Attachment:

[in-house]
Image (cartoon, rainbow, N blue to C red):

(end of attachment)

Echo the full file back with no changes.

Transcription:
[in-house]
Image (cartoon, rainbow, N blue to C red):